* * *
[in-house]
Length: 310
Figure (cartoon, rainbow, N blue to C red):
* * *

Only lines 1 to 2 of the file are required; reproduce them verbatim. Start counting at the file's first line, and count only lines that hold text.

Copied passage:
[in-house]
Length: 310